Robert E. Lee wasn’t a Nazi, and surely would have had no sympathy for the white supremacist goons who made his statue a rallying point in Charlottesville, Virginia, last weekend.
That doesn’t change the fact that his statue is now associated with a campaign of racist violence against the picturesque town where Thomas Jefferson founded the University of Virginia. The statue of Lee was already slated for removal by the city, but the Battle of Charlottesville should be an inflection point in the broader debate over Confederate statuary.
The monuments should go. Some of them simply should be trashed; others transmitted to museums, battlefields and cemeteries. The heroism and losses of Confederate soldiers should be commemorated, but not in everyday public spaces where the monuments are flashpoints in poisonous racial contention, with white nationalists often mustering in their defense.
Some discrimination is in order. There’s no reason to honor Jefferson Davis, the blessedly incompetent president of the Confederacy. New Orleans just sent a statue of him to storage -- good riddance. Amazingly enough, Baltimore has a statue of Chief Justice Roger Taney, the author of the monstrous Dred Scott decision that helped precipitate the war. A city commission has, rightly, recommended its destruction.
Robert E. Lee, on the other hand, is a more complicated case. He was no great friend of slavery. He wrote in a letter to his wife “that slavery as an institution, is a moral & political evil in any Country” (he added, shamefully, that it was good for blacks -- “the painful discipline they are undergoing, is necessary for their instruction as a race”). After the war, he accepted defeat and did his part to promote national healing.
Yet, faced with a momentous choice at the start of the war, he decided he was a Virginia patriot rather than an American nationalist. He told one of President Abraham Lincoln’s advisers: “I look upon secession as anarchy. If I owned the four million slaves in the South I would sacrifice them all to the Union; but how can I draw my sword upon Virginia, my native state?” He betrayed the U.S. government and fought on the side devoted to preserving chattel slavery.
That is a grievous political sin, although he obviously wasn’t the only one guilty of it. The Civil War was an America conflict, with Americans on both sides. An honorable soldier, Lee is an apt symbol for the Confederate rank and file whose sacrifices in the war’s charnel house shouldn’t be flushed down the memory hole.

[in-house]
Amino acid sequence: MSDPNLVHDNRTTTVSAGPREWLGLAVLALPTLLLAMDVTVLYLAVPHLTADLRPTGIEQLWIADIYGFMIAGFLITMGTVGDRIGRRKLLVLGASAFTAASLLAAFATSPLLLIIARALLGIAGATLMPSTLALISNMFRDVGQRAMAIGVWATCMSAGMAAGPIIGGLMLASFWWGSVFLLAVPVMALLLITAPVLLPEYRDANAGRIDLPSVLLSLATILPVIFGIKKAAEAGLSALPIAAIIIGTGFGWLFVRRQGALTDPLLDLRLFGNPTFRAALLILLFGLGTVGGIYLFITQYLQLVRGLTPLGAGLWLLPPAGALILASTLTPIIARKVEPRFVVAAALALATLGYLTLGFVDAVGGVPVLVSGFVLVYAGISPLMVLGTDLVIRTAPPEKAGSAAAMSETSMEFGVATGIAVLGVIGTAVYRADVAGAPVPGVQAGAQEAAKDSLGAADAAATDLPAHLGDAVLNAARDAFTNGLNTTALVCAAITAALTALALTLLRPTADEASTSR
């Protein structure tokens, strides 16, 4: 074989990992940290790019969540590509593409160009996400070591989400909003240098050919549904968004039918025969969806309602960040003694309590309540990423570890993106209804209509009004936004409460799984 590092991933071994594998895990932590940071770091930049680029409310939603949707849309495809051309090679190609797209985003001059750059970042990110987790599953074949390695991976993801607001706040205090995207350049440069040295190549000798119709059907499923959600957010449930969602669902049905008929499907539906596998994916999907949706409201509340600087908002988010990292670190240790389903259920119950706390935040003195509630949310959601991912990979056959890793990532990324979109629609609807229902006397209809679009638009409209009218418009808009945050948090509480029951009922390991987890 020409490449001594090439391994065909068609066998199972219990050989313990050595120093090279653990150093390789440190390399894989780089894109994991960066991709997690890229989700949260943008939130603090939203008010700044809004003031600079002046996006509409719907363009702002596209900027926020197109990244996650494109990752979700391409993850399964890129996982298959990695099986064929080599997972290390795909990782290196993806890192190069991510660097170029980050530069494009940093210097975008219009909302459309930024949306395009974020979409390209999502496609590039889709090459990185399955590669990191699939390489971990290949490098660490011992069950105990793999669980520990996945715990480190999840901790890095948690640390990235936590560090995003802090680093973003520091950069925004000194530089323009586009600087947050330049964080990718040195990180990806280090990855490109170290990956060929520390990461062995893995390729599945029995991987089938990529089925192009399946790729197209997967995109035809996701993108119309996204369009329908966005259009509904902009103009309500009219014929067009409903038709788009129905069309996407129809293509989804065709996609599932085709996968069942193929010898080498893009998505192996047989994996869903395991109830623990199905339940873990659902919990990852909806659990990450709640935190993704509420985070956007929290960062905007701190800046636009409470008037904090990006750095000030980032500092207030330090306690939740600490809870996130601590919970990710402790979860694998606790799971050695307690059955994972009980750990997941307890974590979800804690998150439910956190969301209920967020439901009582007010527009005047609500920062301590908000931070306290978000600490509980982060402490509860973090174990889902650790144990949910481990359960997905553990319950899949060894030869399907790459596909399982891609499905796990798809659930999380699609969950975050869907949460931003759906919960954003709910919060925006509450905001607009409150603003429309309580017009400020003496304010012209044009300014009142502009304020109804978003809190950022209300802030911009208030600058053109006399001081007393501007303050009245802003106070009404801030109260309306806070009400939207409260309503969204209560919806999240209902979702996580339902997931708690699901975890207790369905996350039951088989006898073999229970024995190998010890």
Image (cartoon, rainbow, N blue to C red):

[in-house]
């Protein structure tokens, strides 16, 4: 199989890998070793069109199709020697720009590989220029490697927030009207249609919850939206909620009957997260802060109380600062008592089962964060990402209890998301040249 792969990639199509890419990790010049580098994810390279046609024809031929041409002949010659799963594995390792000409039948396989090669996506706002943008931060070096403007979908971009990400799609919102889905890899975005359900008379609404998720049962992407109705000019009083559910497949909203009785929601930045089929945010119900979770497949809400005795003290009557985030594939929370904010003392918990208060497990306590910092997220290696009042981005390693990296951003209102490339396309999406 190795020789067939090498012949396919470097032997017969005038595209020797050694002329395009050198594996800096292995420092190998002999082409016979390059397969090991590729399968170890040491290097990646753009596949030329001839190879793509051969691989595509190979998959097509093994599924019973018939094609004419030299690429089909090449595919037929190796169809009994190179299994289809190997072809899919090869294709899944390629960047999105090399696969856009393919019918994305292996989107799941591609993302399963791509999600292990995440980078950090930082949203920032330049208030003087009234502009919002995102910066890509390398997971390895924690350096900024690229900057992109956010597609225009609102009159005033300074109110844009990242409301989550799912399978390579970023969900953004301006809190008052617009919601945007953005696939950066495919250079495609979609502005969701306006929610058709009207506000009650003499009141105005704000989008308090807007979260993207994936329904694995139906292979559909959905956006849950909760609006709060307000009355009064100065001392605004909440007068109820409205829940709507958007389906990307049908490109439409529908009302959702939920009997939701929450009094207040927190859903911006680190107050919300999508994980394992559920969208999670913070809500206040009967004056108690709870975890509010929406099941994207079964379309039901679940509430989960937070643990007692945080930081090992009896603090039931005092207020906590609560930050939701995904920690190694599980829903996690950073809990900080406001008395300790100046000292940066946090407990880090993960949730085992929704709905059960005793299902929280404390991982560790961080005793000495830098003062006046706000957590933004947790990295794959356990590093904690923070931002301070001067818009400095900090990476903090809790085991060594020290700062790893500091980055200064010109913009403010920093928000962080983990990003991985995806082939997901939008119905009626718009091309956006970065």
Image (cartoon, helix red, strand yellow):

The Baltimore commission has called for moving a striking dual statue of Lee and Stonewall Jackson to the Chancellorsville, Va., battlefield where the two last met before Jackson’s death. This would be appropriate, and would take a page from the Gettysburg battlefield. A statue of Lee commemorates Virginia’s losses and overlooks the field where Gen. George Pickett undertook his doomed charge. If you can’t honor Robert E. Lee there, you can’t honor him anywhere.
For some of the left, that’s the right answer, but this unsparing attitude rejects the generosity of spirit of the two great heroes of the war, Abraham Lincoln and Ulysses S. Grant. Notably, Grant vehemently opposed trying Lee for treason.
For supporters of the Confederate monuments, removing them from parks and avenues will be a blow against their heritage and historical memory. But the statues have often been part of an effort to whitewash the Confederacy. And it’s one thing for a statue to be merely a resting place for pigeons; it’s another for it to be a fighting cause for neo-Nazis.
Lee himself opposed building Confederate monuments in the immediate aftermath of the war. “I think it wiser,” he said, “not to keep open the sores of war, but to follow the examples of those nations who endeavoured to obliterate the marks of civil strife and to commit to oblivion the feelings it engendered.” After Charlottesville, it’s time to revisit his advice.